Several businesses in North Derbyshire have told Peak FM they're still unsure what Brexit will mean for them.
It comes almost three years since the referendum, with European Parliamentary elections taking place next week and ministers set to vote on Theresa May's withdrawal agreement again on June 3rd in an effort to break the deadlock.
Peak FM has been speaking to several local businesses in the region, to find out if Brexit has had an effect on trade, whether that may be positive or negative.
In Chesterfield, Tom Swallow, development manager at Bolsterstone group PLC said: "Because we're a property development company, obviously the implications are quite large. More a matter of the uncertainty for companies who are looking to move.
"Obviously with Chesterfield Waterside we've got at the moment, we've just put in an application to put a new office block there and we do have interest in that office block. But a lot of that has been halted just while the playing field in terms of what's happening with Brexit has levelled out."
In the Peaks and the Dales, Brexit is having a mixed effect on companies, depending on the type of industry. That is according to Robin Eyre, chairman of focus group Business Peak District: "The mainstays are agriculture and visitor econmony. It is nonetheless quite diverse. Within each of those sectors brexit will have different impacts. It is a diverse set of feelings and states of play.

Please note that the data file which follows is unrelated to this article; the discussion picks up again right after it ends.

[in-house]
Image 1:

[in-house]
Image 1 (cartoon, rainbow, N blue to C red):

"Our members just want to get on with it. They are holding back on investment decisions but it does effect companies differently. For example the visitor economy, they are as dependent on the weather as they are the state of the economy."
David Taylor owns 'Made@Number 18' -a cafe and creative arts centre based in Alfreton. He told Peak FM he is worried about putting prices up in the near future: "The indications are I would say 'yes' it is something to do with Brexit. The problem with that is how can you say to your customers that this is because of Brexit? Your coffee has gone up 50p or your lunh menu has gone up an average £1 or whatever.
"It's the uncertainty of what does happen when we leave? At that point then we're going to have to pass those expenses on. And whether or not people just turn round and say 'well I can't come in here anymore' and we go out of business, it's such an unknown."
Toni Carannante is managing director of Dronfield-based castings company, William Lee: The closer we've been getting to the deadline, the more confused and unsettled our customers have been. We've had a lot of success in Germany winning new work and there's been a slowdown in requests to quote for new work. We feel this is part of the problem of the uncertainty with Brexit.
"Will the customer want to pay the extra charges for import duties and tariffs? Who's going to pay those bills? As projects that we're currently enjoying end, the replacement work isn't there. So ultimately we lose business, we lose work and we lose people because we've got to trim the workforce to match the order book."